The Art of the Deal for Tech ExecsBy Larry Dignan | Posted 2005-06-10 Email Print
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A CIO who knows how to pitch a project should curry favor with decision-makers.
Dianah Neff is a chief information officer with a marketing degree from San Jose State.
That's good because Neff, CIO of the city of Philadelphia, has been pitching a citywide wireless network as a way to revitalize neighborhoods, create business opportunities and bridge the digital divide in a city where 22.9% of its 1.5 million residents are below the poverty line. "I have a belief that this could improve lives," Neff says.
The trick was translating that concept into an approved project. Marketing is a chore that technology executives have to consider as they pitch chief financial officers, chief executives and the folks who will change their work habits. Neff had to convince her city that it could run a WiFi network and provide broadband access on the cheap.
Luckily, Neff has sales chops. She used three axioms to make her project a reality.
Axiom 1: Make your boss' mission yours.
This rule gets at the "business alignment" that technologists and executives talk about but rarely achieve.
Mayor John F. Street's passion is revitalizing city neighborhoods, so Neff, who joined the Philadelphia city government in 2001, says her projects should work toward that goal. That means you skip acronyms and focus on giving kids in crime-ridden neighborhoods library access after dark.
"We can't just leave people behind," Neff says. Her plan: offer broadband at dial-up rates, $10 to $20 a month, and wholesale it to private Internet service providers that will give breaks to the poor. The goal: Put 80% of Philadelphia online in five years, up from 58% today.
Neff also notes the network is part of a bigger plan. People still need computers, and in year five of her business plan Neff expects to distribute as many as 10,000 PCs with eight hours of training through non-profit groups.
Axiom 2: Load up the bandwagon.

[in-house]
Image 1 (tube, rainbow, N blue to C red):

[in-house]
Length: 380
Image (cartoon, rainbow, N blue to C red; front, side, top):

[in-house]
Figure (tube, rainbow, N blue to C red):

Neff rallied support. Knowing broadband providers such as Comcast and Verizon would see her plans as a threat, she created a bandwagon pols wouldn't want to tip over.
Neff held meetings with public schools, universities, small businesses, city residents and tourism departments to test her idea.
"You need interest in the community to make anything work," Neff explains.
Once residents were on board, Neff started proof-of-concept pilots and recruited local colleges such as Temple University and Drexel University to help forge a business plan since Neff's resources were thin.
Getting some press helps, too. According to LexisNexis, Neff has been in 125 news stories since Aug. 31. That exposure paid off in November when a bill in the Pennsylvania Legislature that would have squashed Philadelphia's plans got national attention. An amended bill became law that month, but Verizon and Philadelphia cut a deal so the city's project could proceed.
Axiom 3: Generate a return.
Neff's financial pitch initially boiled down to two words: why not? Why shouldn't a city provide Internet access when it can do it for $10 million? It took roughly $15 million a mile to refurbish the Schuylkill Expressway in the early 1990s.
But that argument doesn't go far. Under current plans, a non-profit entity will implement the project on a "revenue neutral" basis with private companies doing the installation. The non-profit's anchor client will be the city of Philadelphia.
Neff says the non-profit should be able to break even in year four, and have $4 million in the bank to upgrade the network and $5 million in cash flow to support "economic development and digital divide programs."
Now Neff has to deliver by summer 2006. If successful, Neff may have pulled off the city's biggest technological feat since the world's first electronic digital computer, ENIAC, was created at the University of Pennsylvania in 1946.